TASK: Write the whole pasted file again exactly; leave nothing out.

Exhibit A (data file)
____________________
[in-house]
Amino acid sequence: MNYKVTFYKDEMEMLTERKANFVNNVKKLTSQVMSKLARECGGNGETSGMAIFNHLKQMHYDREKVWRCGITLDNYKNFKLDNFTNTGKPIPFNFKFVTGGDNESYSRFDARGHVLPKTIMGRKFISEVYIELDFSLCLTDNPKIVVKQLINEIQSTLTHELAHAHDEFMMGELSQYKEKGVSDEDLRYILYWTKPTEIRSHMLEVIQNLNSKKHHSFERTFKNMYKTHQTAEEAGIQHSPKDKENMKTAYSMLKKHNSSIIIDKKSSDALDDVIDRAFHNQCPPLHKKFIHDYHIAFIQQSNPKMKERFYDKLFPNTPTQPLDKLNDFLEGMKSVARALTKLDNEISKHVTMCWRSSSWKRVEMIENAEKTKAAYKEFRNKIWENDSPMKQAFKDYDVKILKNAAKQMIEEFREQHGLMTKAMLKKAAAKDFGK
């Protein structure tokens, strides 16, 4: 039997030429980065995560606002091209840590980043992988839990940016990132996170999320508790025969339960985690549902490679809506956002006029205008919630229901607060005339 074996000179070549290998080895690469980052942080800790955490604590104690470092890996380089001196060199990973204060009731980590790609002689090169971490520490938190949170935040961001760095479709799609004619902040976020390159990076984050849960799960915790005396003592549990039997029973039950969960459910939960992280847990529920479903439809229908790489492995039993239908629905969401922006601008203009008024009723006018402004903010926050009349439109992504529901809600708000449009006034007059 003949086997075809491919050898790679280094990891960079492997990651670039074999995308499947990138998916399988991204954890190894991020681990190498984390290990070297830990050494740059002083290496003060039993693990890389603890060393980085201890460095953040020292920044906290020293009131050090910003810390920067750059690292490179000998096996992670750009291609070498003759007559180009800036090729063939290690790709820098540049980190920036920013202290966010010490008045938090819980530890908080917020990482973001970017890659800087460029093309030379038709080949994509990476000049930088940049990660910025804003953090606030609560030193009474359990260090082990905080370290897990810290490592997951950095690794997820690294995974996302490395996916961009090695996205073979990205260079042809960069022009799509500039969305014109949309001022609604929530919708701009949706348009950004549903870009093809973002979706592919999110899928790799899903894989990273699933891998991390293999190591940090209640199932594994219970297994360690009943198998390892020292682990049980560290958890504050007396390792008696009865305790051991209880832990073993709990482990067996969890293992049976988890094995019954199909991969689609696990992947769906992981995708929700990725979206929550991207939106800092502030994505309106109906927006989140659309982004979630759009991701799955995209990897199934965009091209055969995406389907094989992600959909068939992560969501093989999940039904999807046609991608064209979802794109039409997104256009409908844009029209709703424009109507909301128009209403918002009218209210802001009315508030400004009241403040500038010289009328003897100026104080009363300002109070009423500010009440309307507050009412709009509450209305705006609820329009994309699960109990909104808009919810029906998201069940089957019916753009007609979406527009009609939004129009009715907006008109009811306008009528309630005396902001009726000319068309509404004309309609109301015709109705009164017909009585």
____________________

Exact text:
[in-house]
Amino acid sequence: MNYKVTFYKDEMEMLTERKANFVNNVKKLTSQVMSKLARECGGNGETSGMAIFNHLKQMHYDREKVWRCGITLDNYKNFKLDNFTNTGKPIPFNFKFVTGGDNESYSRFDARGHVLPKTIMGRKFISEVYIELDFSLCLTDNPKIVVKQLINEIQSTLTHELAHAHDEFMMGELSQYKEKGVSDEDLRYILYWTKPTEIRSHMLEVIQNLNSKKHHSFERTFKNMYKTHQTAEEAGIQHSPKDKENMKTAYSMLKKHNSSIIIDKKSSDALDDVIDRAFHNQCPPLHKKFIHDYHIAFIQQSNPKMKERFYDKLFPNTPTQPLDKLNDFLEGMKSVARALTKLDNEISKHVTMCWRSSSWKRVEMIENAEKTKAAYKEFRNKIWENDSPMKQAFKDYDVKILKNAAKQMIEEFREQHGLMTKAMLKKAAAKDFGK
């Protein structure tokens, strides 16, 4: 039997030429980065995560606002091209840590980043992988839990940016990132996170999320508790025969339960985690549902490679809506956002006029205008919630229901607060005339 074996000179070549290998080895690469980052942080800790955490604590104690470092890996380089001196060199990973204060009731980590790609002689090169971490520490938190949170935040961001760095479709799609004619902040976020390159990076984050849960799960915790005396003592549990039997029973039950969960459910939960992280847990529920479903439809229908790489492995039993239908629905969401922006601008203009008024009723006018402004903010926050009349439109992504529901809600708000449009006034007059 003949086997075809491919050898790679280094990891960079492997990651670039074999995308499947990138998916399988991204954890190894991020681990190498984390290990070297830990050494740059002083290496003060039993693990890389603890060393980085201890460095953040020292920044906290020293009131050090910003810390920067750059690292490179000998096996992670750009291609070498003759007559180009800036090729063939290690790709820098540049980190920036920013202290966010010490008045938090819980530890908080917020990482973001970017890659800087460029093309030379038709080949994509990476000049930088940049990660910025804003953090606030609560030193009474359990260090082990905080370290897990810290490592997951950095690794997820690294995974996302490395996916961009090695996205073979990205260079042809960069022009799509500039969305014109949309001022609604929530919708701009949706348009950004549903870009093809973002979706592919999110899928790799899903894989990273699933891998991390293999190591940090209640199932594994219970297994360690009943198998390892020292682990049980560290958890504050007396390792008696009865305790051991209880832990073993709990482990067996969890293992049976988890094995019954199909991969689609696990992947769906992981995708929700990725979206929550991207939106800092502030994505309106109906927006989140659309982004979630759009991701799955995209990897199934965009091209055969995406389907094989992600959909068939992560969501093989999940039904999807046609991608064209979802794109039409997104256009409908844009029209709703424009109507909301128009209403918002009218209210802001009315508030400004009241403040500038010289009328003897100026104080009363300002109070009423500010009440309307507050009412709009509450209305705006609820329009994309699960109990909104808009919810029906998201069940089957019916753009007609979406527009009609939004129009009715907006008109009811306008009528309630005396902001009726000319068309509404004309309609109301015709109705009164017909009585």